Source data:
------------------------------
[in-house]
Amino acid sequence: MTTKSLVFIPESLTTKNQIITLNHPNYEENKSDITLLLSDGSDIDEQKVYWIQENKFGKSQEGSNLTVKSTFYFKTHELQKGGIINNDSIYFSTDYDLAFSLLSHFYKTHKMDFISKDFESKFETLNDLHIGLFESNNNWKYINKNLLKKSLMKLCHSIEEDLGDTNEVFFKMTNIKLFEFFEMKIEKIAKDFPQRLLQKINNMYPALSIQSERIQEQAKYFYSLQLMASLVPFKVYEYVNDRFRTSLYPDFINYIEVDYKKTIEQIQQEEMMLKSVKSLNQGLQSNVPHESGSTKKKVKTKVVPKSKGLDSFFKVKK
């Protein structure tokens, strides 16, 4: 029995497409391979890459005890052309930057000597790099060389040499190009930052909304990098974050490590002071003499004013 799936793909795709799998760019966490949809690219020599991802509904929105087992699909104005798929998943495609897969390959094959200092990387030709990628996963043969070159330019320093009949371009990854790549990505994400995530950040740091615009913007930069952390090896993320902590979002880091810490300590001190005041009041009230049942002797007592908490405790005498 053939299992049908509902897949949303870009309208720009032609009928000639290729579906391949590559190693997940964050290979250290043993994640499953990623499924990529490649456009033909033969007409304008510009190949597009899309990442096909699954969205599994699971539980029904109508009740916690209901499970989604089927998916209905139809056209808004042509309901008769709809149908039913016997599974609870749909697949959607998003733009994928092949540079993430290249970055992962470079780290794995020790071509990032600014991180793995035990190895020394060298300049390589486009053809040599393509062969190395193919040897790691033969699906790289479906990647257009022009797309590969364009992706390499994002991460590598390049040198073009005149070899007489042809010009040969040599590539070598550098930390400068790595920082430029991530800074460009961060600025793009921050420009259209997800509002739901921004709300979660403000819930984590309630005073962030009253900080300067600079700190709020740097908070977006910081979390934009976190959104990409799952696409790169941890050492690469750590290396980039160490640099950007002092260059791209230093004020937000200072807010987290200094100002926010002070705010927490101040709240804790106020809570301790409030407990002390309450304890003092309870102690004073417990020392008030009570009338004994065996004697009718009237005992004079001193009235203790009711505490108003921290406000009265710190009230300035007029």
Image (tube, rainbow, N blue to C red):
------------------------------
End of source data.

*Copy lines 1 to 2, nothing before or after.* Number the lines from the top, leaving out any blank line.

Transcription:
[in-house]
Amino acid sequence: MTTKSLVFIPESLTTKNQIITLNHPNYEENKSDITLLLSDGSDIDEQKVYWIQENKFGKSQEGSNLTVKSTFYFKTHELQKGGIINNDSIYFSTDYDLAFSLLSHFYKTHKMDFISKDFESKFETLNDLHIGLFESNNNWKYINKNLLKKSLMKLCHSIEEDLGDTNEVFFKMTNIKLFEFFEMKIEKIAKDFPQRLLQKINNMYPALSIQSERIQEQAKYFYSLQLMASLVPFKVYEYVNDRFRTSLYPDFINYIEVDYKKTIEQIQQEEMMLKSVKSLNQGLQSNVPHESGSTKKKVKTKVVPKSKGLDSFFKVKK